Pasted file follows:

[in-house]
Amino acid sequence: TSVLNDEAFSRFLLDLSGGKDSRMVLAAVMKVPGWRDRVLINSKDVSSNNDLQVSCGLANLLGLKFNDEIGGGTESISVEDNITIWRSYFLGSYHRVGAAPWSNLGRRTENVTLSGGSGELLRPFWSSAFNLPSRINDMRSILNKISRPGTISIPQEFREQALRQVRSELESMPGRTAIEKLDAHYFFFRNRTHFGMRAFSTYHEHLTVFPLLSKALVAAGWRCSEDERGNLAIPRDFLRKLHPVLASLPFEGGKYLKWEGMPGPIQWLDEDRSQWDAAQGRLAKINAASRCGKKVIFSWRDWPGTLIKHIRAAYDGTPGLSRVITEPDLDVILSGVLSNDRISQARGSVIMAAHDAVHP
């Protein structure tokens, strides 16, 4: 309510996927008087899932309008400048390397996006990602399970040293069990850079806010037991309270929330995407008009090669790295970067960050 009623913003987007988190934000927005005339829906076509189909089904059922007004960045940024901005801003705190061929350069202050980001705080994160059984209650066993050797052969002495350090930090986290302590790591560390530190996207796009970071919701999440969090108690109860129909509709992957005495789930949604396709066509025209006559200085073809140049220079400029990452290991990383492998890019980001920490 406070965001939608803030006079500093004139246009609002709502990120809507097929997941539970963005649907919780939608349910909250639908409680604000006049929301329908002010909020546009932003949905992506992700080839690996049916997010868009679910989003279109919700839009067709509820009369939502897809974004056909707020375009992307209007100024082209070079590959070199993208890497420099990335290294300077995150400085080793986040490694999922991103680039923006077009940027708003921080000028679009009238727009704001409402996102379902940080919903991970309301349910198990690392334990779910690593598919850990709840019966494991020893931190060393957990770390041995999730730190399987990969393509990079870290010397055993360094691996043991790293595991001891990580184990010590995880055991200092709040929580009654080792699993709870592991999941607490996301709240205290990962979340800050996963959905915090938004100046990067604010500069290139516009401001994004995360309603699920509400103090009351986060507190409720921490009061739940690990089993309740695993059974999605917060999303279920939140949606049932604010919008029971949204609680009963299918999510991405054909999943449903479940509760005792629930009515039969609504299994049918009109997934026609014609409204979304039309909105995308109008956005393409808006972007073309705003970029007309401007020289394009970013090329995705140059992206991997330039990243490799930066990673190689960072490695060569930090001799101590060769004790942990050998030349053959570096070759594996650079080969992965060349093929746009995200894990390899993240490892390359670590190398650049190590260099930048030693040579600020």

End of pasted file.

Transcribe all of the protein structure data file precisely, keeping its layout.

[in-house]
Amino acid sequence: TSVLNDEAFSRFLLDLSGGKDSRMVLAAVMKVPGWRDRVLINSKDVSSNNDLQVSCGLANLLGLKFNDEIGGGTESISVEDNITIWRSYFLGSYHRVGAAPWSNLGRRTENVTLSGGSGELLRPFWSSAFNLPSRINDMRSILNKISRPGTISIPQEFREQALRQVRSELESMPGRTAIEKLDAHYFFFRNRTHFGMRAFSTYHEHLTVFPLLSKALVAAGWRCSEDERGNLAIPRDFLRKLHPVLASLPFEGGKYLKWEGMPGPIQWLDEDRSQWDAAQGRLAKINAASRCGKKVIFSWRDWPGTLIKHIRAAYDGTPGLSRVITEPDLDVILSGVLSNDRISQARGSVIMAAHDAVHP
């Protein structure tokens, strides 16, 4: 309510996927008087899932309008400048390397996006990602399970040293069990850079806010037991309270929330995407008009090669790295970067960050 009623913003987007988190934000927005005339829906076509189909089904059922007004960045940024901005801003705190061929350069202050980001705080994160059984209650066993050797052969002495350090930090986290302590790591560390530190996207796009970071919701999440969090108690109860129909509709992957005495789930949604396709066509025209006559200085073809140049220079400029990452290991990383492998890019980001920490 406070965001939608803030006079500093004139246009609002709502990120809507097929997941539970963005649907919780939608349910909250639908409680604000006049929301329908002010909020546009932003949905992506992700080839690996049916997010868009679910989003279109919700839009067709509820009369939502897809974004056909707020375009992307209007100024082209070079590959070199993208890497420099990335290294300077995150400085080793986040490694999922991103680039923006077009940027708003921080000028679009009238727009704001409402996102379902940080919903991970309301349910198990690392334990779910690593598919850990709840019966494991020893931190060393957990770390041995999730730190399987990969393509990079870290010397055993360094691996043991790293595991001891990580184990010590995880055991200092709040929580009654080792699993709870592991999941607490996301709240205290990962979340800050996963959905915090938004100046990067604010500069290139516009401001994004995360309603699920509400103090009351986060507190409720921490009061739940690990089993309740695993059974999605917060999303279920939140949606049932604010919008029971949204609680009963299918999510991405054909999943449903479940509760005792629930009515039969609504299994049918009109997934026609014609409204979304039309909105995308109008956005393409808006972007073309705003970029007309401007020289394009970013090329995705140059992206991997330039990243490799930066990673190689960072490695060569930090001799101590060769004790942990050998030349053959570096070759594996650079080969992965060349093929746009995200894990390899993240490892390359670590190398650049190590260099930048030693040579600020």